Johannesburg - South Africa is in mourning following the death of one of the country's struggles icons Zondeni Veronica Sobukwe, also the widow of late president of the PAC, Robert Mangaliso Sobukwe.
Her death follows her hospitalisation at the Midland Hospital in Graaff-Reinet, Eastern Cape where she had been for three weeks.
It was reported over the weekend that her discharge from hospital was delayed because she could not get her medication on time following a mix-up at the in house pharmacy.
In April, Veronica, affectionately known as the “Mother of Azania”, was awarded the Order of Luthuli.
Veronica was born on July 27, 1927, in Hlobane, KwaZulu-Natal. She and Sobukwe met in the struggle and their story was that of “love at first sight”, as Veronica said some years ago.
At the time, 1949, Sobukwe was the president of the Student Representative Council (SRC) at Fort Hare University while Veronica was a trainee nurse at Victoria Hospital in Lovedale.
The nurses at the hospital had been involved in a labour dispute with hospital management at the time and Veronica was one of the leaders in that strike which caught the attention of Sobukwe and other student leaders.
In his call to students, Sobukwe said: “The trouble at the hospital is part of a broad struggle. We must fight for freedom, for the right to call our souls our own and we must pay the price.”
Owing to her involvement in that strike, Veronica was expelled from Lovedale College and she and her friend Thandiwe Moletsane (later Mrs Makiwane) went to Joburg after being sent by the then Fort Hare ANC Youth League to deliver a letter to Walter Sisulu to bring to his attention the plight of the nurses in Alice.
It was during those trying times that the bond between them grew and they tied the knot in 1950.
Veronica supported her husband throughout, including praying together on March 21, 1960, when Sobukwe handed himself over for arrest in protest against the pass laws.
He was sentenced to three years in prison for incitement, but the apartheid government refused to release him after his jail term ended.
The government instead enacted a “Sobukwe Clause” which allowed it to keep Sobukwe in jail for as a long as it wanted.
He was taken to Robben Island in 1963 and kept away from other prisoners as the apartheid government considered him very dangerous.
Twenty-one years ago Veronica recounted the pain of being separated from her husband and the effect it had on their children. She also revealed the ill-treatment and humiliation suffered by Sobukwe while he was in jail.
All these gory details were made public when Veronica appeared before the Truth and Reconciliation Commission (TRC) on May 12, 1997, in her bid to find the truth about the cause of her husband’s death.
Commissioners and members of the public listened in awe as Veronica told them how the apartheid authorities refused her husband access to proper and independent medical examination.
In 1964, Sobukwe’s health deteriorated and Parliament was forced to discuss his release, but it refused.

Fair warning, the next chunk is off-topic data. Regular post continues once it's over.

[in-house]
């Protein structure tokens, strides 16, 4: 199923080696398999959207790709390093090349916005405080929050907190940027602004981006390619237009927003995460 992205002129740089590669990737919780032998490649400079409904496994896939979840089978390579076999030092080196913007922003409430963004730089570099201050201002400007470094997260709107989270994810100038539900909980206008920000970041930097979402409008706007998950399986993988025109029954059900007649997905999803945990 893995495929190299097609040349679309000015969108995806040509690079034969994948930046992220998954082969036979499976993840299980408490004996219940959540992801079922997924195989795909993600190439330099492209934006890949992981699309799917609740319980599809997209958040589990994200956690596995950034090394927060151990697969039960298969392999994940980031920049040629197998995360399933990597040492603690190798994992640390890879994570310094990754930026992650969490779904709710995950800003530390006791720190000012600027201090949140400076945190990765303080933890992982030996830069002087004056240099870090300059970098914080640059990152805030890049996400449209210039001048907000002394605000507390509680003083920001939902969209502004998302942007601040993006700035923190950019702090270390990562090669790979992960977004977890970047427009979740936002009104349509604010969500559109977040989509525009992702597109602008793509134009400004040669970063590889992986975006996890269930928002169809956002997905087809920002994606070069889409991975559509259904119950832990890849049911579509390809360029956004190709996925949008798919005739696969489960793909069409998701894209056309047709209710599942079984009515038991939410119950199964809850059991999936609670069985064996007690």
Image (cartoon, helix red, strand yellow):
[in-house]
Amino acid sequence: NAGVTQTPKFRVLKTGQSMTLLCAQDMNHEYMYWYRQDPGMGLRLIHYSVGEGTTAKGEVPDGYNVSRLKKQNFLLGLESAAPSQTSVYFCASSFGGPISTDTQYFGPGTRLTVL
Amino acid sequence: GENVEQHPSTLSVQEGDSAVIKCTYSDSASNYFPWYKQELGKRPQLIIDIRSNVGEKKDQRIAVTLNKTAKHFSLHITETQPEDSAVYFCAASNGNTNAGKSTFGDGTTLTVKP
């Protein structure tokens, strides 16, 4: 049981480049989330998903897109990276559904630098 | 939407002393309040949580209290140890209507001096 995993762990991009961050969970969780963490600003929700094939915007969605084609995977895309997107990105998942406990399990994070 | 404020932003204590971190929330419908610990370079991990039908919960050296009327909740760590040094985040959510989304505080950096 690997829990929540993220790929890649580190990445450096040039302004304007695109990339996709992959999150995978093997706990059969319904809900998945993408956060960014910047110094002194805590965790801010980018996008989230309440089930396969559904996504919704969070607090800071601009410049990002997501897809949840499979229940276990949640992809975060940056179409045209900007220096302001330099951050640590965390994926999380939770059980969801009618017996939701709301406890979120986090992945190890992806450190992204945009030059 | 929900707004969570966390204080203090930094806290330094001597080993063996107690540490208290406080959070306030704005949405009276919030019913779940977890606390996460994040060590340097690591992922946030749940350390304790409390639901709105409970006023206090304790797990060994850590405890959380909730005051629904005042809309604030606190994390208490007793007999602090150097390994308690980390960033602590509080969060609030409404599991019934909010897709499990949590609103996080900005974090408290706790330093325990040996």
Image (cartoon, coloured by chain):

“In February 1966, they transferred him to Karl Bremer (Hospital in Bellville). They did not tell me. I heard about this when he came back from Karl Bremer. He was admitted under a false name. They did not consult with me. He was taken back to Robben Island and when I visited him he complained that his food was served with broken glasses,” Veronica told the TRC.
“You mean broken glasses in his food?” one of the commissioners asked.
“Yes, in his food. He was alone at the time… There are things that were done to people in jail at the time and I’m sure that they did these things to my husband, because he was alone in the cell,” Veronica said.
After his sudden release from jail in May 1969, the police continued to haunt the Sobukwe family.
They refused to allow Sobukwe to go overseas to receive treatment for cancer. They also refused him a passport to leave the country after he was offered a lectureship at the University of Wisconsin in the US.
Veronica also had this to say at the TRC hearings about her husband's death and commitment to the struggle: “Nothing came to my surprise or shock, because from the day I met him he was in the struggle and he died in the struggle. Everything was to be expected. I was not too aggrieved, in the sense that I expected this to happen.”
When the government honoured Veronica on April this year, Thando Sipuye, an executive member of the Afrocetrik Study Group at the University of Fort Hare wrote: "...but the ANC government is not honouring Mama Sobukwe out of its own volition or because it has had a change of heart in its attitude towards Sobukwe’s widow or Sobukwe’s legacy; the award on Mama Sobukwe is a shameful indictment on the conscience of a government that is structurally biased and selective in whose contributions and legacies it celebrates.
"For the past two decades this government has rendered Mama Sobukwe irrelevant, systematically erasing her from the collective national memory and from any public discourse on South African liberation heroines and Struggle stalwarts. Not a single monument exists in this country in honour of Mama Sobukwe, deliberately so. She represents a group of liberation stalwarts that have been wiped out of the collective memory and consciousness of the nation."
Veronica and Sobukwe were blessed with four children, Miliswa, Dinilesizwe, Dalinyebo and Dedanizizwe.